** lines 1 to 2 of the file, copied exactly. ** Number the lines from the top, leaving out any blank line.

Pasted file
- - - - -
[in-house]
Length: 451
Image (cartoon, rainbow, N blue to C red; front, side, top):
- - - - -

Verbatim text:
[in-house]
Length: 451